Feature: Genetic study on warfarin responsiveness begins
Researchers have launched the WARFARIN study to determine if genetic testing could improve the safety and effectiveness of warfarin, which could lead to estimated savings to the U.S. healthcare system of approximately $1.1 billion.

The Centers for Medicare & Medicaid Services (CMS) approved the study, initiated by Iverson Genetic Diagnostics, under Coverage with Evidence Development and will cover pharmacogenetic testing of CYP2C9 or VKORC1 alleles to predict warfarin responsiveness.

The WARFARIN (Warfarin Adverse event Reduction For Adults Receiving genetic testing at therapy INitiation) study intends to include more than 7,000 patients at up to 50 study sites in the U.S. for a duration of 18 months.

Patients with CYP2C9 or VKORC1 gene variants could have their warfarin dose adjusted to accommodate their body's individual dosing requirements.

"The WARFARIN study is the first major personalized medicine study approved by CMS," principal investigator Elizabeth Ofili, MD, MPH, chief of cardiology at Morehouse School of Medicine in Atlanta, told Cardiovascular Business News. "CMS wants to gather data on the potential impact of a pharmacogenetic test to reduce serious bleeding and clotting episodes in patients. "

Warfarin is difficult to dose as patients respond to it differently according to their genetic makeup—too much warfarin can result in severe bleeding, and too little can cause clot formation and increased risk of stroke. Warfarin dosing relies on trial and error, which exposes patients to serious medical risks. And it is the second most frequent cause of drug-related emergency room visits, according to Ofili.

Over the past few years, researchers have identified two genetic variants that predict an individual's response to warfarin—VKORC1 (for warfarin sensitivity) and CYP2C9 (for warfarin metabolism), which contribute up to 40 percent of an individual patient's variations in response to using warfarin.

"Using INR [international normalized ratio] testing for patients without these gene variants should be fine," said Ofili. "In those with the gene variants, however, even after they get average doses and go home, they could have huge jumps in their INR—up to 7, 8, 10 or even 12, where the normal is 3, and that is a risk for hemorrhage."

The WARFARIN study will compare dosing guided by genetic testing for these two genes with standard INR dosing.

Previous smaller studies examining warfarin response to patients with these gene variants have been conflicting. CMS would like to resolve this problem, hence the agency called for a well designed study in the context of coverage with evidence development. This means that CMS will cover the cost of the genetic test for this trial, with the potential to reimburse for the test depending on the findings.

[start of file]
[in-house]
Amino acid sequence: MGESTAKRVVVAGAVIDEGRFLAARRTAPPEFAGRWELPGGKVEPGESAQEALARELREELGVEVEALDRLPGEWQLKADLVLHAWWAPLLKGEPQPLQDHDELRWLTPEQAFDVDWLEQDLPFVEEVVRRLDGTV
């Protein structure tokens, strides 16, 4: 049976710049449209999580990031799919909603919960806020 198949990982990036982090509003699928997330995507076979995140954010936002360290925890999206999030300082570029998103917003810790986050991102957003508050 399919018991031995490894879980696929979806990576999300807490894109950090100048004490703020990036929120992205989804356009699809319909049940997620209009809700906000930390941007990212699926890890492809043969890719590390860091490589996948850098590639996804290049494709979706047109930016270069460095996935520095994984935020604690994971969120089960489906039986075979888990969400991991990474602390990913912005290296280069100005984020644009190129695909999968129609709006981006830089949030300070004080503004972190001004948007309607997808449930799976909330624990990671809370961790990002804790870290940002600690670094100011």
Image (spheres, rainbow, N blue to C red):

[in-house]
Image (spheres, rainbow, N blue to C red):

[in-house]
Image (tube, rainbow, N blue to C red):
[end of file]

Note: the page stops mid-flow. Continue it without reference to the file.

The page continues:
It is important to have test results within 24 hours. "We don't want to give patients several doses before the genetic results are known," she said. "In that scenario, we would have missed the timeline to impact the INR."

The gene variants can result in a patient needing more or less warfarin. The degree of reduction depends on the mutation and some mutations require very little drug that has to be carefully titrated, she said.

The VKORC1 gene reduces levels of vitamin K, which leads to clotting. If this gene is not working properly, the body will not adequately reduce levels of vitamin K, therefore putting the patient at risk for stroke. Even knowing that a patient has a mutation of this gene, however, will not obviate the need for INR testing. "There are many factors that influence vitamin K levels, including food and drugs," Ofili said. "There also are other gene variants that interact with this gene pathway."

Variants of the CYP2C9 gene retard the body's ability to break down warfarin, helping it linger longer in the bloodstream, which means the patient needs less of the drug or will be at risk of hemorrhage.

Other drugs that don't require INR monitoring also are being used to prevent clotting, such as clopidogrel (Plavix, Bristol-Myers Squibb/Sanofi Aventis) and dabigatran (Pradaxa, Boehringer Ingelheim). Whether these gene variants affect the responsiveness of clopidogrel or dabigatran is not yet known, Ofili said.

In the WARFARIN study, researchers will catalogue patients' response to other factors that affect warfarin efficacy, such as environmental, dietary and other drug interactions. "The question we want to answer is, How can genetic testing improve on the standard algorithm?" Ofili said. "If we know the patient has a genetic variant and that knowledge improves patient response to the drug, then the test should be paid for."

In January 2010, the FDA required labeling on warfarin to include information on these variants and provided initial dosage recommendations for patients with different variant combinations. The FDA, however, does not require genetic testing before prescribing warfarin.